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Pencils for Your Nails and Eyes

by Jane Wangersky | April 4th, 2013 | Women's Beauty, Women's Fashion
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SONY DSCNot being handy with a brush, I tend toward cosmetics in the shapes of writing implements. Here are a couple in pencil form that I’ve recently tried and liked.

The Sally Hansen 2-in-1 Nail White Pencil promises to help you “enhance the clean white look of nail tips.” Of course, you’ve got to get it before it can be enhanced, but once your nails are scrubbed out, this is a good way to play up their clean look. It’s also a quicker, easier alternative to a French manicure. The differences are that the white color goes on the inner side of the nail, and that, of course, you can only extend it as far as your actual nail tip goes. (Since some of my nails are quite worn down, I ended up with very narrow white rims on them indeed). The pencil has to be damp to work, and you may have to go over your nails a few times. It also takes practice to stop getting it on your fingertips. Once it’s in place, it’ll stand up to a couple of hand washes and looks especially nice under a coat of clear nail polish. (The pencil’s also a cuticle pusher, but I’ve never been sure how far back my cuticles are supposed to go).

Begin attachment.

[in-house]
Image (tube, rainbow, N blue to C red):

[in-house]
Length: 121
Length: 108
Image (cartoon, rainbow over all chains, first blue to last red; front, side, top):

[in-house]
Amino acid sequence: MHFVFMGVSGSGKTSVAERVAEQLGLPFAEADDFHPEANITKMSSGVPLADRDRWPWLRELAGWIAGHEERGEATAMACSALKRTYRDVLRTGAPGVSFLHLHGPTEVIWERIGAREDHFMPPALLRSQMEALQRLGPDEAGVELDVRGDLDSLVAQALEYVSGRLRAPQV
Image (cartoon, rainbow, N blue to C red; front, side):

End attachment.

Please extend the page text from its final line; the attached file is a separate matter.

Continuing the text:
Light eyeliner pencil is said to make your eyes look brighter and more open, so I thought I’d try it out, after a lifetime of using only dark liquid eyeliner (and an attempt to use concealer inside my lower lash line — don’t try this at home, kids). This time I went for the dollar store brand, Jordana, choosing silver (read: grey, there was nothing metallic in the color), because I was afraid pure white would look harsh. The effect was so subtle that at first I wasn’t sure I’d put on enough; then I saw that there did seem to be a little more light in my eyes. Not bad for a pencil line. A little dark liner under just the outer corner of your eyes will enhance the effect.

With any pencil product, it’s important to keep it sharpened — not to a needle point, obviously, especially for eyeliner, but to the point where you don’t have to press too hard to apply it. And spend the money for the special sharpener; the ones you use for regular pencils won’t work.

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